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Why Hillary Clinton’s Encounter with Black Lives Matter is Her Defining Performance



In this July 23, 2015, photo, Democratic presidential hopeful Hillary Rodham Clinton speaks at a campaign event in Columbia, S.C. In her second pass at the presidency, Clinton has made discussing “systemic racism” a hallmark of her campaign as she looks to connect with the black voters who helped propel President Barack Obama to the White House. At multiple campaign stops, she bemoaned "mass incarceration," an uneven economy, increasingly segregated public schools, and poisoned relationships between police and the black community. She praised South Carolina leaders, including Republican Gov. Nikki Haley, for removing the Confederate battle from statehouse grounds after a white gunman’s June massacre of nine churchgoers at a historic black congregation in Charleston. But she warned that the act is symbolic. (AP Photo/Stephen B. Morton)

In this July 23, 2015, photo, Democratic presidential hopeful Hillary Rodham Clinton speaks at a campaign event in Columbia, S.C. (AP Photo/Stephen B. Morton)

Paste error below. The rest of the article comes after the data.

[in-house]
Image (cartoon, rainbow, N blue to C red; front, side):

Steve LeVine, QUARTZ

(Quartz) — In January 2008, then-US senator Barack Obama, coming off a surprise victory in the Iowa caucus, lost his next primary in the race for the Democratic nomination. As he conceded the New Hampshire primary to Hillary Clinton, he made a polished, 13-minute speech in which he sounded much more like the victor. The rousing “Yes we can” speech, as it came to be known, arguably cemented Obama’s path to the White House.

Almost eight years later, Clinton has just experienced what could be a similarly defining moment, though in a much different setting—an off-stage, unscripted conversation on Aug. 11 with two activists from the Black Lives Matter (BLM) movement. The encounter was videotaped and released by BLM. Below is an edited version (here’s the uncut video).



It’s an emotionally charged, 16-minute encounter, in which Clinton—put on the spot in a setting that could throw off even the most skilled politician—shines with both respectful empathy and surprisingly tough love.

“Your analysis is totally fair,” she says at one point. “It is historically fair, it’s psychologically fair, it’s economically fair.”

But when BLM activist Julius Jones accuses Clinton of asking the movement “to change white hearts,” she is not rattled, and quickly interrupts him: “I don’t believe you change hearts—you change laws.”

Perhaps distracted by her emailing crisis, Clinton’s campaign doesn’t seem to be making much of the display of impressive political nuance, along with an engaging personal touch not often associated with her.

And some critics and independent political observers seem less than impressed. New York Times columnist Charles Blow found Clinton “agile and evasive.” Vox faulted Clinton for being reflexively pragmatic. And a New Republic writer said Clinton “clearly believes in a system with built-in racial bias and inequality.”





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